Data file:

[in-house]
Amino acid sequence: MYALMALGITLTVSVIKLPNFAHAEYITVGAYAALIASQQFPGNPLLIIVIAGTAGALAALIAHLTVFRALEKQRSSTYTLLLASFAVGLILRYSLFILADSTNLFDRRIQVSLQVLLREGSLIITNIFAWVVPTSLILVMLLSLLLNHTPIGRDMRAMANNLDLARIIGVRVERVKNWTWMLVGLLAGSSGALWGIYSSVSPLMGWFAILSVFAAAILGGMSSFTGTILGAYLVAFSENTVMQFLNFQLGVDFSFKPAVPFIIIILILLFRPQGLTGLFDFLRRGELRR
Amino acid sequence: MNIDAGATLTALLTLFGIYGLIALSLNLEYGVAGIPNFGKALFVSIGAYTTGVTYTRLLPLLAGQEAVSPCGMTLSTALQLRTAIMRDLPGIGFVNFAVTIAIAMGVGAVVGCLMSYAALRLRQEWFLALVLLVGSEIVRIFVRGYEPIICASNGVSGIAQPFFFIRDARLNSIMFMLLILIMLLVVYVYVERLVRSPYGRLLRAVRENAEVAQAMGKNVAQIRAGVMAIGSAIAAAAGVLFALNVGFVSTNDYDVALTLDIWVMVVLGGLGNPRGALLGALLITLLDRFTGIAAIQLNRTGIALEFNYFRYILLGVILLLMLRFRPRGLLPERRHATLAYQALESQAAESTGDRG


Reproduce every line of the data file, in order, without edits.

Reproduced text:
[in-house]
Amino acid sequence: MYALMALGITLTVSVIKLPNFAHAEYITVGAYAALIASQQFPGNPLLIIVIAGTAGALAALIAHLTVFRALEKQRSSTYTLLLASFAVGLILRYSLFILADSTNLFDRRIQVSLQVLLREGSLIITNIFAWVVPTSLILVMLLSLLLNHTPIGRDMRAMANNLDLARIIGVRVERVKNWTWMLVGLLAGSSGALWGIYSSVSPLMGWFAILSVFAAAILGGMSSFTGTILGAYLVAFSENTVMQFLNFQLGVDFSFKPAVPFIIIILILLFRPQGLTGLFDFLRRGELRR
Amino acid sequence: MNIDAGATLTALLTLFGIYGLIALSLNLEYGVAGIPNFGKALFVSIGAYTTGVTYTRLLPLLAGQEAVSPCGMTLSTALQLRTAIMRDLPGIGFVNFAVTIAIAMGVGAVVGCLMSYAALRLRQEWFLALVLLVGSEIVRIFVRGYEPIICASNGVSGIAQPFFFIRDARLNSIMFMLLILIMLLVVYVYVERLVRSPYGRLLRAVRENAEVAQAMGKNVAQIRAGVMAIGSAIAAAAGVLFALNVGFVSTNDYDVALTLDIWVMVVLGGLGNPRGALLGALLITLLDRFTGIAAIQLNRTGIALEFNYFRYILLGVILLLMLRFRPRGLLPERRHATLAYQALESQAAESTGDRG